}

    return null;

}


}

Deck of Cards Class:

import java.util.Random;

public class DeckOfCards {

public DeckOfCards(){

    Card deckOfCardsArray[] = new Card[52];

}

public void createDeck(){

    for(int i = 1; i < 53; i++){

        if(i < 14){

            deckOfCardsArray[i] = new Card(i, 1);

        }

        else if(i >= 14 && i < 27){

            deckOfCardsArray[i] = new Card(i - 13, 2);

        }

        else if(i >= 27 && i < 40){

            deckOfCardsArray[i] = new Card(i - 26, 3);

        }

        else if(i >= 40 && i < 54){

            deckOfCardsArray[i] = new Card(i - 39, 4);

        }

    }

}


public void shuffleDeck(){

    Card tempCard1 = new Card(0, 0);
    int tempInt = deckOfCardsRandom.nextInt(53);

    for(int i = 0; i < 53; i++){

        tempCard1 = deckOfCardsArray[i];

        deckOfCardsArray[i] = deckOfCardsArray[tempInt + i];

        deckOfCardsArray[tempInt + i] = tempCard1;

    }

}

public String dealCard(int i){

    cardsRemaining--;

    return deckOfCardsArray[i].dealCard();

}

public int getCardsRemaining(){

    return cardsRemaining;

}

private Card[] deckOfCardsArray;
private int cardsRemaining = 52;
private Random deckOfCardsRandom;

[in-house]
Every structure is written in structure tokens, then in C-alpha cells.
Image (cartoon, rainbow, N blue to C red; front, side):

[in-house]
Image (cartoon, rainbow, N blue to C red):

}

Test class:

public class DeckOfCardsTest {


public static void main(String[] args) {

    DeckOfCards deckie = new DeckOfCards();

    deckie.createDeck();

    System.out.println(deckie.dealCard(5));

    System.out.println(deckie.getCardsRemaining());


}

}

The specific error is: http://pastie.org/8493772

Any ideas as to what is causing the problem?

share|improve this question
6  
A card creates a card that creates a card...Rethink your logic. –  Sotirios Delimanolis Nov 19 '13 at 21:33
    
Well in that case, how would I make it so that the object can be created safely? Otherwise, the toString methods wouldn't work properly. –  user2805394 Nov 19 '13 at 21:35
    
Why do you think you need this line cardCard = new Card(cardNumber, cardSuit);? Your object is already a Card. Why do you need a reference to another Card? –  Sotirios Delimanolis Nov 19 '13 at 21:35